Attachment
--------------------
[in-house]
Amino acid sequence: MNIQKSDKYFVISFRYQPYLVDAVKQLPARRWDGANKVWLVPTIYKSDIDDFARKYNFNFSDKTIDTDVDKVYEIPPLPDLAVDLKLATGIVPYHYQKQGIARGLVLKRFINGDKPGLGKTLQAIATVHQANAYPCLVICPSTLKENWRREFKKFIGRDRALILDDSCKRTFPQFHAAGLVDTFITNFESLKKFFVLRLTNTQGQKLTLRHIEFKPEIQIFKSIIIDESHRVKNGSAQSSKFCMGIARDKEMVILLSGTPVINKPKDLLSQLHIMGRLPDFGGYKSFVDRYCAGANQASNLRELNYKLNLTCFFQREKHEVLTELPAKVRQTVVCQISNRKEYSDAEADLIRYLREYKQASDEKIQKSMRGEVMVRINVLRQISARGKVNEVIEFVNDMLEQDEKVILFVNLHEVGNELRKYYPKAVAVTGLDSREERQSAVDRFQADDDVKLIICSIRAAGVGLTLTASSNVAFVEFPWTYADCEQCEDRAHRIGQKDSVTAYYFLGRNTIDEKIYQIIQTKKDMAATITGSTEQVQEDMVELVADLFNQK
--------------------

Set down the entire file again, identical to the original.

[in-house]
Amino acid sequence: MNIQKSDKYFVISFRYQPYLVDAVKQLPARRWDGANKVWLVPTIYKSDIDDFARKYNFNFSDKTIDTDVDKVYEIPPLPDLAVDLKLATGIVPYHYQKQGIARGLVLKRFINGDKPGLGKTLQAIATVHQANAYPCLVICPSTLKENWRREFKKFIGRDRALILDDSCKRTFPQFHAAGLVDTFITNFESLKKFFVLRLTNTQGQKLTLRHIEFKPEIQIFKSIIIDESHRVKNGSAQSSKFCMGIARDKEMVILLSGTPVINKPKDLLSQLHIMGRLPDFGGYKSFVDRYCAGANQASNLRELNYKLNLTCFFQREKHEVLTELPAKVRQTVVCQISNRKEYSDAEADLIRYLREYKQASDEKIQKSMRGEVMVRINVLRQISARGKVNEVIEFVNDMLEQDEKVILFVNLHEVGNELRKYYPKAVAVTGLDSREERQSAVDRFQADDDVKLIICSIRAAGVGLTLTASSNVAFVEFPWTYADCEQCEDRAHRIGQKDSVTAYYFLGRNTIDEKIYQIIQTKKDMAATITGSTEQVQEDMVELVADLFNQK